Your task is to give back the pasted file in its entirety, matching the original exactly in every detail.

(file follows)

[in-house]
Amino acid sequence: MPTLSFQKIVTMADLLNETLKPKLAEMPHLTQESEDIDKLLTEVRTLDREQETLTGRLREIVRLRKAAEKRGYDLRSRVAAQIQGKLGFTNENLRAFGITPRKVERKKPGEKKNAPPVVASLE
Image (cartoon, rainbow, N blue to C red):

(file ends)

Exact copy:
[in-house]
Amino acid sequence: MPTLSFQKIVTMADLLNETLKPKLAEMPHLTQESEDIDKLLTEVRTLDREQETLTGRLREIVRLRKAAEKRGYDLRSRVAAQIQGKLGFTNENLRAFGITPRKVERKKPGEKKNAPPVVASLE
Image (cartoon, rainbow, N blue to C red):